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Ghawar’s slowdown, coupled with the measured fall-off in many other huge finds – from the North Sea to Alaska’s Prudhoe Bay – are sending out powerful messages that the U.S. shale boom might not be enough to offset the relentless decline in conventional production. Take Mexico’s Cantarell reservoir. In 2004, it was spewing out 2.1 million barrels a day, making it enormous even by Saudi standards. Today, its daily output is only 135,000 barrels and Mexico has become a net oil importer for the first time in half a century.

Ghawar’s slowdown inevitably brings back memories of the peak-oil theory, which said that we had reached the point of maximum oil production and that the economic consequences of running the world on ever less oil would be grave. One of the biggest proponents of the theory was the late Matthew Simmons, the U.S. investment banker whose 2005 book, Twilight in the Desert, argued that Saudi Arabia in general and Ghawar in particular were less robust that advertised. In his book launch speech, he said the crucial Saudi oil supplies “were coming from only a handful of overworked, aging fields that were all at risk of a sudden production collapse.”

Mr. Simmons’s peak-oil warnings proved wrong. He failed to anticipate the U.S. shale oil revolution. The Permian shale basin in the U.S. Southwest alone produces 4.1 million barrels a day, turning the United States into a powerhouse of the unconventional-oil variety. But he might not have been wrong about Ghawar. Its production is far less than we had known and if it does collapse, peak oil will come a bit sooner.

saudi aramco’s reserves

Company’s largest fields as of Dec. 31, 2018

Principal

oil

fields

Liquid

reserves

Combined

reserves

Max. Sustain.

Capacity (MSC)

(Mil. bbl.)

(Mil. bbl. oil equiv.)

(Mil. bbl./day)

Ghawar

48,254

58,319

3.8

Shaybah

13,617

14,864

1.0

Khurais

20,100

21,402

1.45

Safaniyah

33,664

34,029

1.3

Zuluf

30,417

31,313

0.825

Other

80,718

96,963

3.625

major oil fields

Zuluf

KEY

Safaniyah

Oil field

Manifa

0

100

Pipeline

KM

Berri

Abqaiq

Persian Gulf

80

Doha

Khurais

QATAR

Ghawar

Riyadh

U.A.E.

SAUDI ARABIA

Shaybah

JOHN SOPINSKI/THE GLOBE AND MAIL, SOURCE:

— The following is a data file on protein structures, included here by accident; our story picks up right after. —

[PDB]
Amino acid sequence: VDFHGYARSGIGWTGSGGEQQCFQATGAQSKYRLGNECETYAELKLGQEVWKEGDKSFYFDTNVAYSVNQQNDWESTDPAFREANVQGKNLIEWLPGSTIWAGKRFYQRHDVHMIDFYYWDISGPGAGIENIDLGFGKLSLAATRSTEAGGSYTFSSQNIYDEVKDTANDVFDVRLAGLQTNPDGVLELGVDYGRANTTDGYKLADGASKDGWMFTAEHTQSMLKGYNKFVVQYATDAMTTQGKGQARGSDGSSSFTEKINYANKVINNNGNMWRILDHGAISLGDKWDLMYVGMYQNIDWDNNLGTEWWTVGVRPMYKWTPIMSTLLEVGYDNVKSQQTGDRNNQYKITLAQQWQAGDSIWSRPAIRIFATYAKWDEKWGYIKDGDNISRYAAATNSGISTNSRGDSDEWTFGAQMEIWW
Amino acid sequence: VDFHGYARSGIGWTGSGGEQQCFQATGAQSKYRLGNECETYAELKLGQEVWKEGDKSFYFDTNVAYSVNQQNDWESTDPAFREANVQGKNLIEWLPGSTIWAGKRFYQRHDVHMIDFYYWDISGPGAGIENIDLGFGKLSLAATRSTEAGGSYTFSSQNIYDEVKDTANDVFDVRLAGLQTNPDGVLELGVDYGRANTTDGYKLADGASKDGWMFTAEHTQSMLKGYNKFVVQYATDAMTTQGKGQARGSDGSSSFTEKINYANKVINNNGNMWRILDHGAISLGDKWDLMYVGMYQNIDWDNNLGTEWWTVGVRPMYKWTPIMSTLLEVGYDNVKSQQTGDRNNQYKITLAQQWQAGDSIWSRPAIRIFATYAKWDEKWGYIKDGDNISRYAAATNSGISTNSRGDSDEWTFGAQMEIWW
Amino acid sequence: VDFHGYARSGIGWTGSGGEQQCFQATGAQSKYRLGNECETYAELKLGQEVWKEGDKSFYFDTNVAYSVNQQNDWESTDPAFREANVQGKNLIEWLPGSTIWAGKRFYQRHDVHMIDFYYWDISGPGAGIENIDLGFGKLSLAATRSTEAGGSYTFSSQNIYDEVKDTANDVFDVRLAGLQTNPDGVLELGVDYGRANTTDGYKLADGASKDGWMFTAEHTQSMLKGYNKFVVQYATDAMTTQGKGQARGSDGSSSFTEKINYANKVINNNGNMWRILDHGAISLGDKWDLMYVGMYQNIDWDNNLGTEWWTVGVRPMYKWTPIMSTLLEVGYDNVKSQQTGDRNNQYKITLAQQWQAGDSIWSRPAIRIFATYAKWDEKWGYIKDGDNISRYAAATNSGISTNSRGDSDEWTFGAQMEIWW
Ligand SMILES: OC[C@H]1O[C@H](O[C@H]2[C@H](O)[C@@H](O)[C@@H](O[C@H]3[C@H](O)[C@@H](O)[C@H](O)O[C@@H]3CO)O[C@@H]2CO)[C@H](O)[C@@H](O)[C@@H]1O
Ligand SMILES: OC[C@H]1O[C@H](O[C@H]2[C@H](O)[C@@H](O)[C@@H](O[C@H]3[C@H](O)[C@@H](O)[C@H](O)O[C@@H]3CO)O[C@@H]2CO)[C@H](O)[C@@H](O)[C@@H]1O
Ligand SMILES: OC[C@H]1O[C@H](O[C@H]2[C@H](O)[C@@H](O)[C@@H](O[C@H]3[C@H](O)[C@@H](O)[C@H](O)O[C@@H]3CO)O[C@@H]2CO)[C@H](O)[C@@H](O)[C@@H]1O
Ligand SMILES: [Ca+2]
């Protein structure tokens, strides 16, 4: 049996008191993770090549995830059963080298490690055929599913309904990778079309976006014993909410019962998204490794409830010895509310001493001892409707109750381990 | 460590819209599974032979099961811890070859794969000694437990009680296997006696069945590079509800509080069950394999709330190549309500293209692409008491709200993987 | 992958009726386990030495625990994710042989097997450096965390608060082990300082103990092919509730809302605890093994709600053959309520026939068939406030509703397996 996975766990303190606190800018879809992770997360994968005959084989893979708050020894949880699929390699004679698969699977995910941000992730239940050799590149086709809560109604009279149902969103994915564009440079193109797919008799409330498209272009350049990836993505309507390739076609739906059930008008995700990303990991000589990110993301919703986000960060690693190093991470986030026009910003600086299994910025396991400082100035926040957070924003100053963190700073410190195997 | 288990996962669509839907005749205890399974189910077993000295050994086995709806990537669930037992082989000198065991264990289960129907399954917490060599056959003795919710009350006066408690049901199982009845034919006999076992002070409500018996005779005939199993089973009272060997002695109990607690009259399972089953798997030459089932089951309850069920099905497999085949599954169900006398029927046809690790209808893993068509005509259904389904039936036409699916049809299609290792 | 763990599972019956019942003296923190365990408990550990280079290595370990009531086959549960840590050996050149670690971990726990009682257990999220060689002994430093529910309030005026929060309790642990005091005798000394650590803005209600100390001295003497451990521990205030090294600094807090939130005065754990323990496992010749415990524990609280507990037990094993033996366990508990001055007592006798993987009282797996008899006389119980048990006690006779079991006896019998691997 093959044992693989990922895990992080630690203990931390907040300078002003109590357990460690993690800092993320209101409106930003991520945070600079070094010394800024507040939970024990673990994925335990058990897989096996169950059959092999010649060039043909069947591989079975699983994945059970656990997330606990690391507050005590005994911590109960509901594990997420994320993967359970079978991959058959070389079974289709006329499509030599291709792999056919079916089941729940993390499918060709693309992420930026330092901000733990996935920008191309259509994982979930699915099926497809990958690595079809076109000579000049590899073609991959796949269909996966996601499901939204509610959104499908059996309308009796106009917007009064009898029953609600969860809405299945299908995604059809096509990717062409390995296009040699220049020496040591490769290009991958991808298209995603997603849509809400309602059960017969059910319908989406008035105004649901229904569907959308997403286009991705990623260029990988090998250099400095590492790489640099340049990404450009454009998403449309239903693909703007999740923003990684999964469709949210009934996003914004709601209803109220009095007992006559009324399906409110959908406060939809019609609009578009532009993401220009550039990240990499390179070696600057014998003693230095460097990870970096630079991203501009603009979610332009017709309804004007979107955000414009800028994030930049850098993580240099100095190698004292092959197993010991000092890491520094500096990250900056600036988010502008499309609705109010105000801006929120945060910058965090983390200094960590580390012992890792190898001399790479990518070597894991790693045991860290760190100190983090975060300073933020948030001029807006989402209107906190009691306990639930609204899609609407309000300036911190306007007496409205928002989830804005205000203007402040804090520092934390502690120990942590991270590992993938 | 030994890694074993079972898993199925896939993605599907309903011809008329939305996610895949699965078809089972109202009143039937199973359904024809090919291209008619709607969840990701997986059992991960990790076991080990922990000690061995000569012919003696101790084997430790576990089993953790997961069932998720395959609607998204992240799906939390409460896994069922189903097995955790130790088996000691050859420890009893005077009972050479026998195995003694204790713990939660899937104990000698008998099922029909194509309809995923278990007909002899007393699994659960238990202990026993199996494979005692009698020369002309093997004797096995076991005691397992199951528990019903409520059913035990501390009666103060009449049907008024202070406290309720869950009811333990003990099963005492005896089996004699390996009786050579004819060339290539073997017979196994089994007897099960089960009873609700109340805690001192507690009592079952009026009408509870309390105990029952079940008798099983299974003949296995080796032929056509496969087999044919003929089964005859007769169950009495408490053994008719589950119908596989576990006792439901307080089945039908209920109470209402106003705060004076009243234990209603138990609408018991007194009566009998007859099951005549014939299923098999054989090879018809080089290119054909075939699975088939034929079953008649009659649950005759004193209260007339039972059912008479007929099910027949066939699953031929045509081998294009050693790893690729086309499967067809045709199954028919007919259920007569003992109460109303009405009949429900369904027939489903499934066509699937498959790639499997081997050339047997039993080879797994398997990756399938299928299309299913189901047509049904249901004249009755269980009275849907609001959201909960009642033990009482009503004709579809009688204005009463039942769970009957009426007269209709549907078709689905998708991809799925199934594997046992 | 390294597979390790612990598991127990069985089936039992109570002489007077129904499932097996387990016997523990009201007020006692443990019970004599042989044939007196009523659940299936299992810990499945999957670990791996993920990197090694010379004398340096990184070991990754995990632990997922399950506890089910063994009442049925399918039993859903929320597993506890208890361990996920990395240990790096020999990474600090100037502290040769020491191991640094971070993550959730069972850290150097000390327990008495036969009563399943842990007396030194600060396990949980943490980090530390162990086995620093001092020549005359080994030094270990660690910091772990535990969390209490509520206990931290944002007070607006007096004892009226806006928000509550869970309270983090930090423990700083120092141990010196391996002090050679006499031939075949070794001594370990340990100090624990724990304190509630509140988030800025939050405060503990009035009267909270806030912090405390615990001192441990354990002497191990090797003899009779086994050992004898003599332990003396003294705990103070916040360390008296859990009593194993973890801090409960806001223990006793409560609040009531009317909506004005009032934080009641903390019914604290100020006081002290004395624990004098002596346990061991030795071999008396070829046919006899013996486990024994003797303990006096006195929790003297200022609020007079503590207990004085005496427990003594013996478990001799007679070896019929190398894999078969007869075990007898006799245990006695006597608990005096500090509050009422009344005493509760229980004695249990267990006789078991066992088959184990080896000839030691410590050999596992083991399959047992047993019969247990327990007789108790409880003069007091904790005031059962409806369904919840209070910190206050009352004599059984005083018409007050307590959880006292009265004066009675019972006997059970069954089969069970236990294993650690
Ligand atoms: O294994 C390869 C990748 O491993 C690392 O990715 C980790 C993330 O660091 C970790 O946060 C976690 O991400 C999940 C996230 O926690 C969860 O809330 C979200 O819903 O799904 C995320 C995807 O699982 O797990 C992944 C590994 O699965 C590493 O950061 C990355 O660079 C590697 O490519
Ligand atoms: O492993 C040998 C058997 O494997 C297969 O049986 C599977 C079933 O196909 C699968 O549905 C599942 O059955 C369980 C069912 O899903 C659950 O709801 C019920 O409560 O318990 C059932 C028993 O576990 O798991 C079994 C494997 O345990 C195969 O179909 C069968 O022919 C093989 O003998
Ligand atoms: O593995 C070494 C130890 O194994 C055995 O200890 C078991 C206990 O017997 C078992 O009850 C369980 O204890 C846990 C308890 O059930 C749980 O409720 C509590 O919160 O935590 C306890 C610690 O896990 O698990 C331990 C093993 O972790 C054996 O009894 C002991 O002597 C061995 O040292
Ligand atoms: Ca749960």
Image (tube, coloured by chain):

saudi aramco; TILEZEN; OPENSTREETMAP

CONTRIBUTORS; HIU

saudi aramco’s reserves

Company’s largest fields as of Dec. 31, 2018

Principal

oil

fields

Liquid

reserves

Combined

reserves

Max. Sustain.

Capacity (MSC)

(Million barrels)

(Mil. bbl. oil equiv.)

(Mil. bbl./day)

Ghawar

48,254

58,319

3.8

Shaybah

13,617

14,864

1.0

Khurais

20,100

21,402

1.45

Safaniyah

33,664

34,029

1.3

Zuluf

30,417

31,313

0.825

Other

80,718

96,963

3.625

major oil fields

Zuluf

KEY

Safaniyah

Oil field

Manifa

0

100

Pipeline

KM

Berri

Abqaiq

Persian Gulf

80

Doha

Khurais

Al-Hofuf

QATAR

Ghawar

Riyadh

U.A.E.

SAUDI ARABIA

Shaybah

JOHN SOPINSKI/THE GLOBE AND MAIL, SOURCE: saudi aramco;

TILEZEN; OPENSTREETMAP CONTRIBUTORS; HIU

saudi aramco’s reserves

Company’s largest fields as of Dec. 31, 2018

Max. Sustainable

Capacity (MSC)

Principal

oil

fields

Liquid

reserves

Combined

reserves

(Million barrels)

(Million barrels oil equiv.)

(Mil. barrels/day)

Ghawar

48,254

58,319

3.8

Shaybah

13,617

14,864

1.0

Khurais

20,100

21,402

1.45

Safaniyah

33,664

34,029

1.3

Zuluf

30,417

31,313

0.825

Other

80,718

96,963

3.625

major oil fields

Zuluf

KEY

Safaniyah

Oil field

Manifa

0

100

Pipeline

KM

Berri

Abqaiq

Persian Gulf

80

Doha

Khurais

Al-Hofuf

QATAR

Ghawar

Riyadh

U.A.E.

SAUDI ARABIA

Shaybah

JOHN SOPINSKI/THE GLOBE AND MAIL, SOURCE: saudi aramco; TILEZEN;

OPENSTREETMAP CONTRIBUTORS; HIU